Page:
Inside Kentucky Health

You shouldn’t worry if your attempts to eat right get sidetracked during this holiday by all the delicious dinners, or if your attempts to exercise are disrupted by holiday travel and parties, or even if your attempts to avoid sweets are shot down by all the amazing plates of cookies and brownies that magically appear in front of you. According to the American Heart Association, that’s OK.

All you need to do to focus on heart health during the holiday is check out the AHA’s list of “Life’s Simple 7,” which can help you assess where you are and what you should change to live a long, healthy life free of heart disease.

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“Heart disease is the number one killer of men and women, but in most cases it can be prevented,” said Kathy Renbarger, Metro director for the American Heart Association. “If we choose to eat a healthy diet, exercise regularly and not smoke, we can reduce our risk of heart disease and stroke by as much as 80 percent.”

The list of “Simple 7” Heart Health Factors starts with physical exercise. The AHA says 70 percent of Americans don’t get the exercise they need, but this doesn’t mean everyone has to become a gym rat. Just pick up the pace by walking briskly from the parking lot to the office, or take the stairs instead of the elevator.

“Adults need at least 30 minutes of moderate to vigorous exercise five times a week to be heart healthy,” said Renbarger. “Children need at least an hour of exercise every day.”

In addition to getting active, the “Simple 7” tips are controlling cholesterol, eating better, managing blood pressure, losing weight, reducing blood sugar, and stopping smoking.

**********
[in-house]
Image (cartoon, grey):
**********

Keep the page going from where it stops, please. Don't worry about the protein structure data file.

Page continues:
On its website, the AHA offers easy steps to take control of heart health in each of those areas. The holidays may be a stressful time for many, but it’s also a great time to focus on the future. It’s a good time to start exercising, stop smoking and improving the diet.

heartmato“A healthy diet should contain at least five to seven servings of fruits and veggies every day, be low in fat and have less sodium,” said Renbarger. “Many of our favorite dishes can be prepared in a healthier way, and the American Heart Association has plenty of recipes and tips for doing so on its website.”

According to the Centers for Disease Control and Prevention, coronary heart disease causes nearly 400,000 deaths per year around the U.S. and costs more than $100 billion overall in health services, medication and lost productivity. In Jefferson County, the rate of death caused by heart disease is 105.4 per 100,000 population. The Healthy Louisville 2020 goal is to reduce that to 94.8.

There’s a long way to go. We can start by working on the Simple 7.